Ingredients: (for 2)
4 slices of bread
4 slices of cheese (gruyère / cheddar/ any melting variety)
2 slices of ham
2 tablespoons fresh cream
Butter for toasting
100g grated cheese


Pre heat the oven to 200°C.

Mix the cheese with the fresh cream.

Take a slice of bread and spread butter on one side and toast slightly on a pan. Do the same for another slice of bread.

Remove and place a slice of cheese on the other side of one of the breads, fold and place the ham and place another slice of cheese and cover all this with the other slice of toasted bread.

Now add top with the cream and cheese mixture.

Bake in the oven for about 10 minutes.

Serve hot.

When all the above is topped with a fried egg, then, it is called “Croque Madame” (Crunch lady)

Bon appétit!

Friday 13 March 2009

Moelleux au citron (Lemon Muffins)

As I was going through one of my recipe books, yesterday, ( wanted to do something for tea time, before my teddies come back from school) I came across this one(without the image), the recipe’s name and the method sounded like something very common, “lemon muffins” just a cake with the lemon flavor and nothing extraordinary!

But then, I still wanted to try this one as the recipe was easy to make with no complicated procedures and moreover I was running out of time (I had to pick up my hungry teddies in an hour…) and there was nothing else for the evening snacks……, didn't have any other choice than going in for this one and started to do it with no big conviction but when I tasted them, I realized that I simply underestimated them and I really regret for having done only some eight pieces of these heavenly delights.

In fact, the bite is extremely moist, soft, melting and slightly nutty at the same time, leaving a refreshing taste of the zest on the palates and makes me crave for some more after each bite. If you’re being tempted to try this, then I’d advise you to double the quantity, believe me, there would be second servings and to tell you the truth, I’ve got nothing left for today’s tea time…..

Ingredients: (for 8 pieces)
Zest of 1 lemon
60g softened butter
60g sugar
40g cream
80g powdered almonds
30g all purpose flour
¼ tsp of baking powder
100g eggs


Pre heat the oven to 160°C.

Extract the zest of the lemon and chop them very finely.

Heat the cream and add the zest; let it infuse for some time.

Cream the butter and the sugar and then add the almond powder, the sifted flour and the baking powder. Mix well and add the whole eggs to the mixture and whip again for a while until you get a homogeneous mixture.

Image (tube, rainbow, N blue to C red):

Add the zest / cream mixture and mix everything together.

Pipe the above mixture to individual molds and bake for about 12 minutes. Let it cool down completely before unmolding.

I loved as it is; but for an elegant presentation, you can drizzle a lemon coulis or a cream over it or simply glaze with some icing sugar.

Thursday 12 March 2009

Steak au poivre (French Pepper Steak)

Steak au poivre (literally Pepper steak) is one of the classics in french cuisine. Now, what is so special in this dish? It’s nothing but the fragrance and the crunchy texture of the crushed peppercorns combined with a good, beefy piece of steak in a rich creamy brandy sauce, that is what which makes it sublime.

This is something we eat regularly, at least once in two weeks and moreover it’s a simple and no-fuss dish, prepared in no time. It is usually served with French fries but this time, I preferred a Potato Puree for a change.

Ingredients (for 4)

4 Beef Tenderloin /Fillets or Sirloin steaks of about 225g each (at least 3 cm of thickness)
7 tbsp (approximately) Brandy
4 tbsp of freshly and coarsely ground pepper
30g butter or more (according to needs)
150 ml fresh cream

Remove the steaks from the refrigerator and leave at room temperature at least 30 minutes before cooking.

Pour 3 tbsp of brandy in a hollow plate and place the coarsely ground pepper in another.

Dip both sides of the steaks in the brandy.

Remove and then coat each piece of steak on the pepper by pressing it well, so that the grains stick well on both sides of the steaks.

Leave it for about 15 minutes.

Melt the butter in a pan and brown a piece of steak on high heat for not more than 2 to 3 minutes each side. (Then it depends on how you like, some people like my beloved “Hum Hum” like it blue, in that case just brown it quickly not more than a minute on each side and remove.)

Add a tbsp of brandy and flambé it. (to be handled carefully with all precautions, it’s not recommended to add alcohol to pans on a burner and use a long fireplace match)

Remove the steak and keep it warm.

Do the same for the rest of the steaks.

Throw away the butter and add the cream to the same pan, mix with a spatula and boil. Add the marinated sauce of the steaks to it. Taste and rectify.

Place a steak in each plate and drizzle with the sauce.

Serve with French fries / a salad/or a potato puree.

Excellent with a Pomerol/Côtes du Rhone/ Châteauneuf du Pape (served at 15°C – 16°C)

Bon appétit !

Potato Puree

Ingredients: (for 6)
1 kg potatoes (any floury variety)
300ml milk
A pinch of Nutmeg
50g butter (cut into small cubes)

Peel the potatoes and cut them into pieces.

Cook the potatoes in boiling water with a tsp of salt for about 20 minutes or pressure cook until done (we don’t want it to be mushy here)

Remove and drain and return it to a pan and cook uncovered on low heat by shaking the pan now and then in order to dry them completely.

Puree it with a potato ricer (electric blenders / mixers tend to make it gluey ) or simply with a fork (need some patience)

Heat the milk and transfer the puree to a double bottomed vessel and heat on low medium flame. Add the milk little by little while mixing with the other hand. Salt, pepper and add a pinch of nutmeg.

When the puree is smooth and creamy, add the butter, stir well, garnish with fine herbs and serve hot.

Note: the milk can be substituted by a mixture of ½ milk and ½ half liquid cream

Wednesday 11 March 2009

and an award.....

Vidya has passed me this award. Thank you,I'm so honored to receive this award from you. that's a lovely award for the day!

I invite all my blogger friends who come over here to kindly accept this award, as I think there's a talent of a Chef in each one of you! so, all of you merit this award! feel free to take it with you girls.